After absorbing the archaeological and architectural aspects of Italy, he and his wife returned to Antwerp at the end of the year, traveling via Paris to view his first painting entered in the Parisian Salon, Pastimes in Ancient Egypt (18th Dyna sty), where it was given a gold medal. Already aware of the value of his own work, he refused an offer for 3000 francs for the painting from Napoleon III, since he believed it was valued at 4000 francs. Besides enjoying the French capital for the first time, and receiving a medal at his first Salon showing, Alma-Tadema also met Jean-Leon Gérôme who taught Alma-Tadema a formula for painting which he would employ the rest of his life.
After returning to Belgium, Alma-Tadema was put in contact with the established and influential art dealer Ernest Gambart. One account says that a friend of Alma-Tadema’s gave Gambart’s carriage driver the wrong address, sending him to Alma-Tadema’s studio instead of another artist’s, whose studio Gambart had originally meant to see. Alma-Tadema was waiting for him upon his arrival. As the story continues, Gambart was so impressed with Alma-Tadema’s work that he bought a painting that was being completed for another client. He also commissioned twenty-four paintings from the artist, establishing security for him and his family. With this new found stability, Alma-Tadema decided to move his family to Brussels where he could be closer to Gambart. By the end of May 1865, they had made their residence there and he began immediately decorating his studio. This is also the same year that he fully began his series of Greek and Roman paintings, showing an early propensity towards darker tones with more elaborate detailing, even more so than his later works.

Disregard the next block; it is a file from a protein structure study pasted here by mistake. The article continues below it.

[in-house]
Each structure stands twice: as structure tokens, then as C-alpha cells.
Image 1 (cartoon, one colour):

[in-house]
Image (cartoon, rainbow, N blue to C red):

In October of this same year he won the Knighthood Order of Leopold at the Exposition General des Beaux-Arts in Brussels with Preparations for the Festivities. This award solidified his public fame and artistic standing. Nevertheless, continued exposure was the recipe for Continental appreciation, and Gambart took the initiative, entering thirteen of his paintings in the 1867 Exposition Universelle in Paris. His Salon picture of 1864, Pastimes in Ancient Egypt 3,000 Years Ago – renamed – received the second-class medal. After three and a half years Alma-Tadema had fulfilled his contract with Gambart, completing his last commission in October 1867; thirty-four paintings in all. However, Gambart continued their relationship and offered him a second and more lucrative contract for another forty-eight pictures. Gambart continued exhibiting Alma-Tadema’s pictures at every opportunity. He entered two paintings in the 101st Royal Academy Summer Exhibition in London. Despite praise from virtually every critic, John Ruskin, one of the leading British art critics of the era, established a lifelong antipathy towards the Classical revival works that were Alma-Tadema’s forte.